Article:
Moon Living Abroad in South Korea
By Jonathan Hopfner
Second Edition, October 2013
Price: $19.99 USD
Price: $9.99 USD
Jonathan Hopfner has made the move to South Korea—twice. His experience as a journalist, investor, and homeowner has taught Jonathan the ins and outs of living in South Korea—from the banking and business realities, to the immigration and business procedures. It is this firsthand experience and advice that Jonathan brings to Moon Living Abroad in South Korea.
Moon Living Abroad in South Korea is packed with essential information and must-have details on setting up daily life, including obtaining visas, arranging finances, and gaining employment. You’ll get practical advice on education, health care, and how to rent or buy a home that fits your needs. The book also includes color and black and white photos, illustrations, and maps—making the moving and transition process easy for businesspeople, students, teachers, retirees, and professionals.
What’s inside Moon Living Abroad in South Korea
Here’s what author Jonathan Hopfner loves about South Korea:
- The culture and pastimes on tap. Most countries boast long-standing traditions, but South Koreans go out of the way to make theirs accessible to nonnatives. Whether you’re keen on meditation, martial arts, tea, calligraphy, traditional drumming, online gaming, or even starting a business, you’ll find well-established support networks here that will help you explore your passion and make new friends in the process.
- The sense of discovery. Much of Korea has yet to be seen by visitors. Take to the roads and you’re bound to be treated to the rare feeling of stumbling upon something truly new–well, to non-Koreans anyhow. You’ll also find locals who go out of their way to be hospitable to the few foreign visitors that do turn up.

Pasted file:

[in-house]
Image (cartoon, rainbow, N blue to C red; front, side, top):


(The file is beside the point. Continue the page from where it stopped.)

- A customary level of service that makes just about everywhere else seem uncivilized by comparison. Meals nearly always come with a bottomless array of accompaniments, pubs ply loyal customers with complimentary snacks, and purchases at markets, grocery stores, and even gas stations will often result in an extra treat or two being tossed into your shopping bag by a pleased proprietor trying to encourage you to come back. And all this is in a country where tipping is virtually unheard of.
- Autumn. The crisp temperatures, radiant foliage, and azure skies of late September to November are a delight, and perhaps the only time of year when foreign residents understand the national tendency to wax poetic over the seasons.
- The mountains, especially the way locals take to them each weekend in the thousands, usually decked out in carefully color-coordinated hiking gear and enough equipment to make an Everest climber envious. As many peaks are dotted with temples and ruins, exploring them is as much a cultural experience as an athletic one.
- Ondol. These networks of pipes carry hot water under every home, warming the floor (but nothing else) to near frying-pan temperatures, which keeps your mattress toasty even as the wind howls and the snow falls outside.
- A broadband infrastructure that’s nothing short of phenomenal. The network is always on, dizzyingly fast, and comparatively cheap.
- The countryside. This is still a rural culture at heart, and outside the crowded cities there’s an abundance of lovely scenery, fantastic produce, and some very friendly people.
- The socializing. South Koreans approach play the same way they approach work: very seriously. Nights out are usually lengthy affairs that include gut-busting communal meals, plenty of drinks, singing, and good cheer. And whoever is hosting is highly unlikely to let you pay a cent.
- Public transportation. It’s completely possible to jump on a taxi, bus, and even a bullet train with complete confidence that you’ll be ferried wherever you need to go on time and in comfort at a very low price.
Excerpted from the Second Edition of Moon Living Abroad in South Korea.